Branding is more than just a logo or a tagline; it's the entire way a company does business.
Logos and taglines are the elements people most commonly associate with branding. They offer prospects a single image and concept with which to define the company. But branding efforts that fail to focus on the other elements of sales and distribution quickly sabotage any initial successes.
True branding is integrated into every aspect of the company. It delivers a message to prospective buyers on what they can expect, and to employee on how they should perform their role within the company.
FIRST FINANCIAL BANK
Transforming a very generic name into a powerful brand
It's hard to imagine a name more generic than First Financial Bank. That's especially true when your closest competition is another local bank named First National Bank.
I created the tagline Expect The Extraordinary and completed the integration into the logo. That was followed by a complete redesign of the graphics standards and framing used for all advertising, collateral, posters and web pages.
Next, I worked to integrate Extraordinary into every part of the bank, with internal and external customers. This effort included internal communications updates distributed to all employees and was a focus of all marketing and operational aspects of programs. Internal education played a significant role in implementation and getting everyone at every level to embrace the approach.
ROUSE CHAMBERLIN HOMES
Updating a company image for the target market was missing
The homebuilder had changed a lot since its beginnings in 1978. Their market was now first-time and first-moveup homebuyers, typically age 27-44. And while even the way people today buy homes had changed, their branding hadn't. They used an outdated graphic of an old-fashioned bicycle with a front basket; their logo was a string of words in the plainest type possible.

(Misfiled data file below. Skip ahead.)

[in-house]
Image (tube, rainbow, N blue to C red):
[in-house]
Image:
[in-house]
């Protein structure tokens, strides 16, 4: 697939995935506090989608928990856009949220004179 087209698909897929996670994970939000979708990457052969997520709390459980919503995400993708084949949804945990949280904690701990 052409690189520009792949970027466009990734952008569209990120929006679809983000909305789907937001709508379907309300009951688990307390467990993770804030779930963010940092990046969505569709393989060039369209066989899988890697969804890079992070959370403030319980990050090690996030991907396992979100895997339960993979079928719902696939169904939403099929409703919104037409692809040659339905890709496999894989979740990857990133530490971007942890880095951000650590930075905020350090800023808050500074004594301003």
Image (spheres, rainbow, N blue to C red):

I started with an eight page creative brief outlining incomes, ages and other demographics on potential buyers. A full color logo was designed to better appeal to the target audience. Green was retained from the old logo both for recognition and it's implications to home buyers. Full color was added and used everywhere. Taglines were tested on management and one was selected for use. Although deceptively simple, Welcome Home positioned the builder positively against the competitors.
Creating a big presence in a highly competitive market
EVSCO faced an identity crisis. Two of its products had name recognition among older veterinarians. But the company name was barely known and the packaging had a 1960s medicinal look...hardly competitive with the pharm giants.
First, the logo was transparently redesigned to emphasize the EVSCO name without sacrificing any recognition. A new tagline, The Veterinary Standard, offered an honest and believable positioning within the market for their flagship products. To back the branding, EVSCO heavily publicized the fact that they accepted returns if pets found them unpalatable, which no manufacturer had promoted even if they held the policy. EVSCO rebranded itself as the sole provider of that feature.
Products were recategorized and labels modified to match pre-established conventions within the industry and commonly used by the veterinarians. EVSCO incorporated comparison charts on all detail sheets so distributors and veterinarians could better understand the different products and their benefits relative to compeitor products.